Know the Warning Signs of a Landslide
In a landslide, large masses of earth, rock, or debris move down a slope. It can happen after an earthquake, large storm, fire, volcanic eruption, rapid snow melt, and even a large-scale construction project. The damage can be devastating, but even a few inches of slope movement can cause septic, sewer, and water lines disruptions, along with detrimental shifting of home and building foundations.
Here are some signs to watch for from the US Geological Survey (USGS):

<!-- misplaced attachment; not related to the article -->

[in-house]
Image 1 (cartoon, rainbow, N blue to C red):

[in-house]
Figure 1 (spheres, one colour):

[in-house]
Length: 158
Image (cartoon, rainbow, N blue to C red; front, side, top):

- Leaning telephone poles, trees, retaining walls, or fences
- Springs, saturated ground, and seeps in areas that haven’t been typically wet before
- Unusual cracks or bulges in the ground, sidewalk, or pavement
- Soil moving away from building foundations
- Secondary structures like decks and patios leaning and/or moving relative to the main house
- Sunken or down-dropped road beds
- Bulging ground appearing at the base of a slope
- Unusual sounds, including trees cracking, and boulders knocking together, along with a faint rumbling sound that slowly gets louder
- Sudden decreases in creak water levels, even though rain is still falling or has recently stopped
Evacuation is often the only way to protect lives. As with other disaster situations, never ignore an evacuation order.